The second downside of an array is that adding new elements to an array can be a very expensive operation from a memory perspective. If you want to create a new item at the beginnng of an array, you have to shift every element down one slot. If you have an array with a million items, you might be sitting at your computer for awhile.
Linked lists were created to solve some of the problems that arrays encounter. Instead of having a simple collection of objects, you have a series of linked nodes. Each node has two pieces of information associated with it. The first is the actual data you are storing, which would be the letter of the alphabet in the previous example. The second is a pointer to a memory location of the next node in the list. That’s it. There is no part of the Linked list that knows about the entire collection. Usually you have a object that points to the beginning of the linked list called the HEAD. You then follow each part of the linked list jumping from node to node until the memory pointer is set to null, or nothing. This is called the TAIL and it is how your computer knows it has reached the end of the list.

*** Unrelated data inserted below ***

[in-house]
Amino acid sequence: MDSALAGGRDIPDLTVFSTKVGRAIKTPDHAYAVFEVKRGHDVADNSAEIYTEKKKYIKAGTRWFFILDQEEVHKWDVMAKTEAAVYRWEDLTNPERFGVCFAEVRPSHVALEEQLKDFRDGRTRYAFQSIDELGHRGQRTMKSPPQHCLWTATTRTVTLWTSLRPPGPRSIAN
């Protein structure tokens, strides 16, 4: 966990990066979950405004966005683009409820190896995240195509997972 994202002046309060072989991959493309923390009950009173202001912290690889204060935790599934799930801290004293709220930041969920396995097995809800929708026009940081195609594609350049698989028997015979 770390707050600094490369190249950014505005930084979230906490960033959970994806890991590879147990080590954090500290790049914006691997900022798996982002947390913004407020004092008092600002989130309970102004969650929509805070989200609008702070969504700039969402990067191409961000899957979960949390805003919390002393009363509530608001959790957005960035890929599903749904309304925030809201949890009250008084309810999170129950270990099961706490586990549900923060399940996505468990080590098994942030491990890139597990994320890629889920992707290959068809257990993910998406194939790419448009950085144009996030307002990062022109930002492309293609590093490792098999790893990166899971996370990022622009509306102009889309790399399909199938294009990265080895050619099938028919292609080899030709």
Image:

The linked list has several advantages over an array. The first is the inserting or deleting an object from the list is relatively painless from a memory perspective. If you need to insert an item at the beginning of a list you would create a new node that points to the original HEAD of the list and then update the HEAD pointer to point to your new node. Let’s say you have a list of items that you are keeping in alphabetical order. Each element in a parentheses represents a node with data and the pointer to the next node.
("apple", pointer to "ball") -> ("ball", pointer to "dog") -> ("dog", null)
Let’s say we wanted to insert “cat” between “ball” and “dog” in order to keep everything alphabetical. First, we would create a new node with the data set to “cat” and the pointer pointing to “dog”